Jamie McDermott retired his Marine Corps uniform in 2001 after 11 years of active duty. He wanted to raise his children in Juneau and spend more time with his family, so he kept a commission in the Marine Corps Reserves and took a civilian job with the Coast Guard, conducting intelligence work related to homeland security.
He didn't expect to get called up.
"I got a call on my cell phone on my way into work and they said, 'Is this Capt. McDermott?' And right away I knew," said McDermott, 36.
He left Alaska on Monday, but said he could not divulge his destination. He will not go to the Persian Gulf, and is not going to be directly involved in the war in Iraq. But he will be stationed overseas in support of Operation Enduring Freedom, which began with the campaign in Afghanistan in response to the Sept. 11, 2001, terrorist attacks.
Left behind are his wife, Laura, and three children ranging in age from 3 to 9 years old. Laura McDermott comes from an Air Force family and spent several years in the service herself. Three-year-old Abigail probably will feel abandoned, Jamie McDermott said regretfully.
"My older two, they're wise to it. But there's no timeline attached to this and that's really hard to address. Dad's supposed to have all the answers and I don't have the answers to this one," he said.
McDermott knows he'll be gone at least a year, but said he has no further indication of how long his assignment will last.
Laura McDermott has weathered long separations in the past, but never this long. She is preparing by resigning her full-time position as a certified nursing assistant at Bartlett Regional Hospital and talking to her children about their father's departure.
"(Nine-year-old Sarah) is really the only one who understands what it's going to be like. I'm just talking to them about how we have to stick together and we'll get through it," she said. "The best thing to do is stay busy and keep the life as normal as possible for the kids."
And while Jamie McDermott wishes he didn't have to leave his family for such a long time, he's proud to serve.
"You buy the ticket, you take the ride. I knew what I was getting into 11 years ago when I signed on the line. It's duty ... and it's meaningful service. It's something that has to be done, so if not me, then who?" he said.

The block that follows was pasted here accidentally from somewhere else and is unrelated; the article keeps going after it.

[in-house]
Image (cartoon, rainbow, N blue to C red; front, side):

Other Juneau families continue to cope with the lack of news about loved ones in military service in and around Iraq.
Both of Mary Williams' brothers are serving in the Gulf with the Air Force. Joshua Williams, 21, is an airman first class based out of Spokane, Wash. Leslie Williams, 28, is a staff sergeant whose unit is headquartered in Goldsboro, N.C. Both were born and raised in Juneau, and joined the Air Force to make a better life for themselves. Joshua had planned to start college this spring. Leslie has a wife and two children in North Carolina.
But when they got the call to go, they went willingly, Mary said.
"They wanted to do what they had to to make it better for our country, to serve our country and protect us. They weren't thinking about themselves. They were thinking about everyone else they were going to protect, including the people in Iraq," she said.
Their family hasn't heard from them since their deployment.
"It doesn't worry me because I know no news is good news," Mary said.
Juneau resident Cathy Jensen agrees. She hasn't heard from her daughter, 20-year-old Pfc. Moraya Safford Kidd, since she went to Kuwait a month ago.
Kidd is an Army chemical weapons expert based in Tennessee. Jensen sends care packages and letters once a week.
"She was pretty strong and saying, 'I'll be OK,' and then when she got the deploy order she was a little nervous," Jensen said.
Jensen works as a nursing assistant at the Wildflower Court nursing home, and said residents help her keep her spirits up.
"They're always asking, 'Well, have you heard from your daughter?' and 'Oh, we'll say a prayer for her.' It actually helps a lot," she said.
Masha Herbst can be reached at firstname.lastname@example.org.
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